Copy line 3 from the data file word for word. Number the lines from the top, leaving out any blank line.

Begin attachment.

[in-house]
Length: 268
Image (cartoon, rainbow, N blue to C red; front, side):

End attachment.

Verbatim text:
Image (cartoon, rainbow, N blue to C red; front, side):